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Discussion in 'Blu-ray and UHD' started by M90GM, May 29, 2018.
Confession time: I actually prefer High Society over The Philadelphia Story.
Yep, I always thought the musical upgrade from Philadelphia to Society made a lot of sense and was a 'better' entertainment than its predecessor. I also feel that way about Silk Stockings over Ninotchka, even though I adore Garbo and love that movie too. My favorite Garbo, however, is Camille - hands down, jaw-droppingly tragic and beautiful. Close second, Garbo and Fredric March in Anna Karenina.
The Private Lives of Liz and Essex is a travesty on DVD, which is why I would hope WAC is getting around to doing justice to the movie at long last. Ditto for The Pirate, which suffers from so much aliasing it is virtually unwatchable in its current incarnation on DVD. I would love for WAC to aggressively pursue re-acquiring the rights to Meet John Doe - one of Frank Capra's very best movies, ever. Aside: it wouldn't hurt Universal Home Video to release the other Capra gem, State of the Union, to Blu either.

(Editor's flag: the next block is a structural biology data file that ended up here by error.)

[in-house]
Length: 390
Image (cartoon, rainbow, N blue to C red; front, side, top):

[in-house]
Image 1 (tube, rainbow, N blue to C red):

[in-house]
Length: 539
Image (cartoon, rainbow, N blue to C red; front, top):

But back to Warner. National Velvet is a personal fav, but when WAC did their Liz thing a few years ago with Father of the Bride, Virginia Woolf, I had sincerely hoped Liz's first biggie for MGM would be a contender too - along with The VIP's and, of course, her Oscar-winning Butterfield 8. Sadly, none materialized. It's too late in the game to wait for 'anniversaries' to roll around to roll out a big and splashy Blu-ray release. Let's just open the floodgates and get to some of the better A-list stuff still tucked inside Warner's vaults.
RE: Marie Antoinette - the DVD was a stunner so I cannot see how a Blu wouldn't be a foregone conclusion. Ditto for Shearer's Romeo and Juliet. Both were remastered. The ones I would really like Warner to tackle are the ones that looked gawd awful on DVD - starting with Bathing Beauty, The Enchanted Cottage, Show Boat, That Midnight Kiss, Million Dollar Mermaid, Words and Music.